After the devastating floods of Baton Rouge in early August, No Kid Hungry – New Orleans donated an Emergency Relief Grant of $20,000 to the Greater Baton Rouge Food Bank, who was critical in distributing food and cleaning supplies to those affected by the floods. The Greater Baton Rouge Food Bank typically serves 11 parishes, and 8 of those were declared Major Disaster Areas by FEMA.
Similar to many homes in the area, the GBR Food Bank was not immune to flood damages. The Fraenkel Center (warehouse) received four feet of water, ruining 500,000 pounds of food. Floodwaters submerged everything on the first level racks, but left top racks untouched. Their primary plans after the flooding was to wash the salvaged food and sanitize the warehouse, since they lost their coolers and freezers, along with office equipment and delivery trucks. They estimated that $835, 000 worth of food was ruined. At the same time their priority was addressing the immediate disaster response.
“It was necessary to get the food out and find another place to operate and distribute,” said Charlene Guarisco Montelaro, Senior Vice President of Development and Philanthropy of the GBR Food Bank.
The GBR Food Bank moved to a temporary warehouse and acquired rental trucks and used them as mobile pantries. From the new location they received supplies and distributed food. After the floods their usual form of distribution through local agencies such as pantries, meal sites, homes, shelters, and soup kitchens wasn't always viable. “Many agencies were flooded so we couldn’t use the traditional method of delivering food,” said Montelaro. “We had drivers come to us and take the food, and distribute the food.”
Although the flood slow down response time, a couple days after the floods, the GBR Food Bank was back in action, distributing food to the hardest hit neighborhoods in East Baton Rouge. The food distribution turned out to be a great success, since people not only received food but also cleaning supplies. "In a typical distribution, we had literally hundreds of cars going through the line in need of food," said Montelaro. The GBR Food Bank estimates that 2.5 million pounds of food have been distributed to date, though they are still analyzing the impact.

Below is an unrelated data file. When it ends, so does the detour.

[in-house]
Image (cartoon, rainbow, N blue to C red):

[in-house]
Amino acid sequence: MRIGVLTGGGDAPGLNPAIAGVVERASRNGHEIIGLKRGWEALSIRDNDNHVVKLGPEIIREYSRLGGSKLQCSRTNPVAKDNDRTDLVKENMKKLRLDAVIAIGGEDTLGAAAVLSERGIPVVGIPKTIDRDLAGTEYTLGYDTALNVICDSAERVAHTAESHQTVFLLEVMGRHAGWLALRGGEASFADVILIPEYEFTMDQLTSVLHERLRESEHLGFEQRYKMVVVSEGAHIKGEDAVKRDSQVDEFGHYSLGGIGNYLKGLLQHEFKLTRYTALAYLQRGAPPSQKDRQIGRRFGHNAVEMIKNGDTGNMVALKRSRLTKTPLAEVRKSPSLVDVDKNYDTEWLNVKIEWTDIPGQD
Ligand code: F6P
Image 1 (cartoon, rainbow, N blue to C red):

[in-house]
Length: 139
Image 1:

The GBR Food Bank applied for a FEMA loan, but they were not recognize as critical infrastructure, which typically applies to schools, hospitals, and firehouses. In order to pay for the recovery efforts and the rebuilding of the warehouse, they are applying for grants and reaching out to supporters, but they are aware their donor-base has decreased because of the floods. “People don’t have the extra money to donate,” said Montelaro. “We have seen attendance at our meetings drop.”
Other setbacks, the GBR Food Bank experienced, are related to programming. “We haven’t been able to get back to all our programs,” said Montelaro. Before the floods the GBR Food Bank planned to kick off the BackPack and Adopted-A-Senior Program. They’re hoping to start the BackPack Program, which distributed meals to at-risk children during November in time for Thanksgiving.
The GBR Food Bank provides food to more than 115 agencies free of charge. Working with smaller agency can widen their reach especially for residents who are not able to travel to their sites. Last year the GBR Food Bank distributed more than 8.7 million meals. The Food Bank provides 4 meals for each dollar donated.
Montelaro explained the relationship between GBR Food Bank and local agencies. “While they may acquire food on their own, they also acquire a lot from us,” she said. “We provide what no one else can, but we also can’t work without them.”
In the short-term the GBR Food Bank needs funding to rebuild the Fraenkel Center and the Baton Rouge community. The main way to achieve that goal is through donations, but also food drives and volunteer-hours. If you want to learn more about the GBR Food Bank, please visit their Facebook page and their website to find distribution sites, and volunteer opportunities.